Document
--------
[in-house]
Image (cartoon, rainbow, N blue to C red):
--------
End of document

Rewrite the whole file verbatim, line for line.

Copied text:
[in-house]
Image (cartoon, rainbow, N blue to C red):